As hundreds of thousands of Californians grapple with a power shutoff intended to reduce the risk of wildfires, people affected by the outages say that their communities are racked by anxiety and frustration about the disruption — as well as fear that the complications associated with the outages outweigh the intended benefits.
“People are freaking out around here,” says Jeffery Stackhouse, a Livestock and Natural Resource Advisor from Fortuna, Calif who spoke with TIME along with his colleague, Lenya Quinn-Davidson, the area fire advisor with UC Cooperative Extension in Humboldt County, Calif., and director of the Northern California Prescribed Fire Council. They said the outages have fundamentally disrupted life in their community: Schools have closed, some businesses can’t run credit cards, people have lined up outside of gas stations to try and get fuel, and cars have been stuck in traffic jams as a result of traffic light outages.
Meteorologist Rob Calmark of local news channel ABC10 wrote on Twitter Thursday morning that there were strong winds in some areas, and that supplies such as water, flashlights and generators seemed to be running low. “In short…it’s ongoing…people are on edge…every stoplight is a four way stop with traffic issues…people have NO idea when power is coming back…it’s a big deal that is getting bigger today,” Calmark wrote.
California: north and south battle wildfires as preventive shutoffs hit millions
A mobile home community in southern California fell victim to a rapidly spreading wildfire on Thursday, as millions of people in the state were left without power amid a high fire threat.
The fire in the Calimesa area of Riverside county near Los Angeles was one of several blazes statewide fed by hot, dry winds, officials said.
The fire quickly destroyed about two dozen homes, as crews with air support scrambled to contain it. A county fire department statement reported “numerous medical emergencies” at Villa Calimesa mobile home park, but there were few further details.
Authorities say the blaze was sparked when a trash truck dumped a load of burning garbage along a road. The area was not listed among the latest communities where utility companies has cut power in an effort to prevent wildfires caused by windblown wires.
Utility companies in northern and southern California had shut off power to nearly 2m people starting Wednesday, amid fears that high the high winds in the forecast could bring down power lines and spark deadly wildfires.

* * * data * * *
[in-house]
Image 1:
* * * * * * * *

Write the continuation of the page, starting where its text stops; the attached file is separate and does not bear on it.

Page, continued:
Unprecedented shutoffs in northern California
Pacific Gas & Electric (PG&E) started turning out the lights over a large section of northern and central California on Wednesday, in outages that were unprecedented in scope
The deliberate outages by PG&E in northern California forced schools and businesses to close and otherwise disrupted life for many people, bringing criticism on the company from the governor and ordinary customers alike.
Power was out for many customers in the San Francisco Bay area as well as wine country north of San Francisco, which was hit hard by wildfires in 2017 and the region north of Sacramento devastated by the November 2018 Camp fire. That included parts of the agricultural Central Valley and the Sierra Nevada foothills – where the Camp fire, blamed on PG&E transmission lines, killed 85 and virtually incinerated the town of Paradise. The city of San Francisco was not in the shutoff zone.
California’s huge, humiliating power outages
California has always prided itself on being a high-tech pioneer. One exception? Power distribution.
With Pacific Gas & Electric Co. expected to cut electricity to 800,000 customers this week, the state is confronting its reliance on a transmission network that predates climate change, solar panels and lithium-ion batteries, depending instead on electric lines strung over thousands of miles on vulnerable wooden poles.
Until that changes, experts say, utility executives are sure to cut electrical service to large sections of the state during high winds, rather than risk downed lines and transformers like those that have sparked deadly wildfires over the last two years.
Utility operators historically built power grids — with massive electrical plants fired by fossil fuels and transmission lines that stretched for hundreds of miles — to provide the cheapest possible electricity. They weren’t concerned about air pollution and global warming, or the more immediate threat from wildfires, said Michael Wara, director of Stanford University’s climate and energy policy program.
“Society has been delivering electricity the same way for 130 years — exposed lines on wood poles over dry grass,” said David Rabbitt, a county supervisor in Sonoma County, one of the areas hit by the massive blackout. “I think we know more now, certainly, and it’s time to actually move on with making the investments going forward.”
Will the current outages be a pivotal moment in transforming California’s power grid? If so, the transition will likely include Californians generating power closer to their homes via solar panels and wind generators. It will also include communities building microgrids, distinct power systems that can operate independent of massive utilities like PG&E, a behemoth that serves 16 million people spread across 70,000 square miles of Central and Northern California.